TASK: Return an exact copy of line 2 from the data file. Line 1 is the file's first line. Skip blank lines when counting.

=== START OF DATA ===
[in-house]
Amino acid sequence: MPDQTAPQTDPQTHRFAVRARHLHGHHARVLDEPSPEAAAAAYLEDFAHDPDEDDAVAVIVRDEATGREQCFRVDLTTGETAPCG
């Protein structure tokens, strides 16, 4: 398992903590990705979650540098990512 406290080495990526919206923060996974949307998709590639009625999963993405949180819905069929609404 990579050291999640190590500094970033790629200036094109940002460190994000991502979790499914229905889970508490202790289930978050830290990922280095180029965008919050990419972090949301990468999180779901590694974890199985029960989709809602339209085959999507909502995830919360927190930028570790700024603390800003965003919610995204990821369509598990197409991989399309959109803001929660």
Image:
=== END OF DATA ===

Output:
Amino acid sequence: MPDQTAPQTDPQTHRFAVRARHLHGHHARVLDEPSPEAAAAAYLEDFAHDPDEDDAVAVIVRDEATGREQCFRVDLTTGETAPCG